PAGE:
Argentina pushes lithium investments

Argentina pushes lithium investments

Argentina Chile Bolivia M&A Project & Infrastructure Finance Special Reports

As the world’s electric car manufacturers and renewable energy firms invest heavily in battery development and manufacturing facilities, Argentina has emerged as an important future source of a crucial ingredient, lithium. With several projects set to begin construction, Argentina’s Ministry of Energy and Mining expects the country to produce half the world’s lithium by 2020.

South America’s “lithium triangle,” which straddles northwest Argentina, north Chile and southwest Bolivia, contains more than half of the world’s identified lithium deposits, mostly in high-altitude salt flats called salares. But while Bolivia has committed to maintaining government control and Chile has opted for a quota system and public-private partnerships, Argentina has opened up its deposits to foreign junior mining companies (small cap mining exploration companies) with an appetite for risk.

Pointing to the “numerous interesting prospects” currently under development by mining exploration companies, Gabriel Rubacha, president of South American operations for Lithium Americas, notes: “Brine projects can be expensive to set up but have very attractive operational costs.” In contrast to hard-rock lithium projects, common in North America and Australia, lithium brine is a liquid that can be pumped up, much like oil or water. 

Lithium Americas, through a joint venture with Chilean lithium miner Sociedad Química y Minera (SQM), is developing the Cauchari-Olaroz brine deposit in northern Argentina. The estimated project costs for the lithium carbonate mine are $425 million, but the operating costs are expected to be $2,495 per ton, compared with the $4,000 per ton operating costs typical of hard rock lithium projects. In late 2016, SQM signed lithium carbonate contracts at a price of $12,000 per ton.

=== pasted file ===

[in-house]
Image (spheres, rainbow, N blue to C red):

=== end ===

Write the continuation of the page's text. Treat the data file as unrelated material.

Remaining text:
Three other projects, owned by Canadian, Australian and French companies, aim to add nearly 100,000 tons to Argentina’s production levels within three years, and Australia’s Orocobre plans to double capacity at its existing 17,500-ton Salar de Olaroz facility. Those projects alone would boost production in Argentina to 165,000 tons from 29,000 tons in 2016.

But more junior miners are also looking to stake ground in Argentina, encouraged in part by the policies of President Mauricio Macri. “Argentina is recovering the confidence it had lost under the previous administration,” says Mario Capello, the undersecretary of mining development. “Much of the focus has been on lithium, and it is the government’s duty to develop the potential of these resources.”

Light at the end of the tunnel

As Capello explains, more than 30 companies have undertaken lithium exploration projects in the past year, investing over $200 million so far. With research firms predicting that global lithium demand could triple to 750,000 tons annually by 2025, the more advanced projects could benefit from being early movers.

But they could face challenges to access financing. Until now, lithium developers have tended to partner with strategic investors higher up the value chain. For example, in January 2017, Lithium Americas, which is listed on the Toronto Stock Exchange, sold a 19.9% stake to China’s Ganfeng Lithium for 64 million Canadian dollars ($48.3 million) and $125 million in debt financing. As part of the deal, Ganfeng’s offtake agreement entitles it to 70% of Lithium Americas’ share of production from the Cauchari-Olaroz project.

“As a junior company developing a half-a-billion-dollar project, we needed a strong strategic partner that understood the product and the market,” says Rubacha. “Both parties agreed to the offtake contract at market prices as the most convenient solution.”

Also in January, Lithium Americas sold a 16.4% stake to BCP Innovation, a subsidiary of Thailand’s Bangchak Petroleum, for $112 million and another $80 million in financing. BCP’s offtake agreement calls for 15% of Lithium Americas’ share of production at market prices. 

But would-be lithium miners may soon have to cast a wider net to find financing, according to Chris Berry, founder of the research firm House Mountain Partners. “A small number of development-stage projects looking for major financing will need to rely on more than just strategic investors to attain adequate capital and meet the strong demand forecasts,” he says.

Banks and hedge funds have shown interest in funding some projects, but Berry says lithium production involves unique operational risks and lower equity and debt prices could attract varied sources of capital.

Lithium miners in Argentina could also learn lessons from the first lithium boom of 2008 to 2012, when many companies rushed to find financing. Orocobre, for one, became the most shorted stock on the Australian Stock Exchange after it admitted that a “spreadsheet error” had overestimated the concentration of brine at its Olaroz project. Galaxy Minerals, which is also developing a project in Argentina, narrowly escaped bankruptcy after its Chinese processing factory racked up huge losses.

“As much as we’d like to, these projects can’t be rushed,” Berry says. LF